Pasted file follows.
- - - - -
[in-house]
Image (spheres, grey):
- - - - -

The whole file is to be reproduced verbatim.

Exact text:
[in-house]
Image (spheres, grey):